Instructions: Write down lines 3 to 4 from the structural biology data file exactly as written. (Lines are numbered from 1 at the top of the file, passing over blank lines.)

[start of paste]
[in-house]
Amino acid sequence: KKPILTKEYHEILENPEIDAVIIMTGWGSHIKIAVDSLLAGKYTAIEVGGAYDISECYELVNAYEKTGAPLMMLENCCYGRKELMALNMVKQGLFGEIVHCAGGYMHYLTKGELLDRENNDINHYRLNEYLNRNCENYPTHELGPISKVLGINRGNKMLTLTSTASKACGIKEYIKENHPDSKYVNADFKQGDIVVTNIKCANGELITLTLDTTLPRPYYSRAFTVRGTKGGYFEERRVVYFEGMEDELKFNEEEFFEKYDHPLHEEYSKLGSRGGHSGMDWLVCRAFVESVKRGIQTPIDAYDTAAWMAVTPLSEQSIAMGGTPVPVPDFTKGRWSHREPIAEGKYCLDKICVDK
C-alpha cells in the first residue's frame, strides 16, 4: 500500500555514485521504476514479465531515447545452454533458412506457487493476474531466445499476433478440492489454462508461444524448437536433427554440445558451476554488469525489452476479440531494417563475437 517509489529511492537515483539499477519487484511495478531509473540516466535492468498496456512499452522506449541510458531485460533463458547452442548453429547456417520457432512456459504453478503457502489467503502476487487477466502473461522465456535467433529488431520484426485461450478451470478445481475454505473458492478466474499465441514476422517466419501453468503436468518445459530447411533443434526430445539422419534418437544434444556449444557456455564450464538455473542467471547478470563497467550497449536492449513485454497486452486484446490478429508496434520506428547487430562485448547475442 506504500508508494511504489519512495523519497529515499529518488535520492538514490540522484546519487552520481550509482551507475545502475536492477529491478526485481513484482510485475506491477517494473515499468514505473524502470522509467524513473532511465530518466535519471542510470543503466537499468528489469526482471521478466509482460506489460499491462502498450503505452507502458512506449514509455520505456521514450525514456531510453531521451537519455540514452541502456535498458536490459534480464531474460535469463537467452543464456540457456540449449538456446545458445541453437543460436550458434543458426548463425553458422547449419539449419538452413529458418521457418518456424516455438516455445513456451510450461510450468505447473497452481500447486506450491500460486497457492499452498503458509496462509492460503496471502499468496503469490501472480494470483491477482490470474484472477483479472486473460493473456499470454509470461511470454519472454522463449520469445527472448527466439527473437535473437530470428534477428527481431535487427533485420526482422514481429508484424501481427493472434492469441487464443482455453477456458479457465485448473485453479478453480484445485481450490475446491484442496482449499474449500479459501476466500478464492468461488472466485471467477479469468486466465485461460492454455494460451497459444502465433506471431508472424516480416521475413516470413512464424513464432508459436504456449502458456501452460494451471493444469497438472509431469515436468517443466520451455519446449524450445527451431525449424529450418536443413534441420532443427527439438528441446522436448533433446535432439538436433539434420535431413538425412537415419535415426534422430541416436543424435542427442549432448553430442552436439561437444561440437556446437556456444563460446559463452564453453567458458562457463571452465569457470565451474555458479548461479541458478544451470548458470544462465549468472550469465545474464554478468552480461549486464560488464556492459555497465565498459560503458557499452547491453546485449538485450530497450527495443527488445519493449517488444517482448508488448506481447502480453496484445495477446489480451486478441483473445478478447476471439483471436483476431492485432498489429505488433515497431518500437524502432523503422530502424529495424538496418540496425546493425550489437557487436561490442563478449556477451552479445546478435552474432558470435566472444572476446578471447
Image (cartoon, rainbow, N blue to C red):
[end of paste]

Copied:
C-alpha cells in the first residue's frame, strides 16, 4: 500500500555514485521504476514479465531515447545452454533458412506457487493476474531466445499476433478440492489454462508461444524448437536433427554440445558451476554488469525489452476479440531494417563475437 517509489529511492537515483539499477519487484511495478531509473540516466535492468498496456512499452522506449541510458531485460533463458547452442548453429547456417520457432512456459504453478503457502489467503502476487487477466502473461522465456535467433529488431520484426485461450478451470478445481475454505473458492478466474499465441514476422517466419501453468503436468518445459530447411533443434526430445539422419534418437544434444556449444557456455564450464538455473542467471547478470563497467550497449536492449513485454497486452486484446490478429508496434520506428547487430562485448547475442 506504500508508494511504489519512495523519497529515499529518488535520492538514490540522484546519487552520481550509482551507475545502475536492477529491478526485481513484482510485475506491477517494473515499468514505473524502470522509467524513473532511465530518466535519471542510470543503466537499468528489469526482471521478466509482460506489460499491462502498450503505452507502458512506449514509455520505456521514450525514456531510453531521451537519455540514452541502456535498458536490459534480464531474460535469463537467452543464456540457456540449449538456446545458445541453437543460436550458434543458426548463425553458422547449419539449419538452413529458418521457418518456424516455438516455445513456451510450461510450468505447473497452481500447486506450491500460486497457492499452498503458509496462509492460503496471502499468496503469490501472480494470483491477482490470474484472477483479472486473460493473456499470454509470461511470454519472454522463449520469445527472448527466439527473437535473437530470428534477428527481431535487427533485420526482422514481429508484424501481427493472434492469441487464443482455453477456458479457465485448473485453479478453480484445485481450490475446491484442496482449499474449500479459501476466500478464492468461488472466485471467477479469468486466465485461460492454455494460451497459444502465433506471431508472424516480416521475413516470413512464424513464432508459436504456449502458456501452460494451471493444469497438472509431469515436468517443466520451455519446449524450445527451431525449424529450418536443413534441420532443427527439438528441446522436448533433446535432439538436433539434420535431413538425412537415419535415426534422430541416436543424435542427442549432448553430442552436439561437444561440437556446437556456444563460446559463452564453453567458458562457463571452465569457470565451474555458479548461479541458478544451470548458470544462465549468472550469465545474464554478468552480461549486464560488464556492459555497465565498459560503458557499452547491453546485449538485450530497450527495443527488445519493449517488444517482448508488448506481447502480453496484445495477446489480451486478441483473445478478447476471439483471436483476431492485432498489429505488433515497431518500437524502432523503422530502424529495424538496418540496425546493425550489437557487436561490442563478449556477451552479445546478435552474432558470435566472444572476446578471447
Image (cartoon, rainbow, N blue to C red):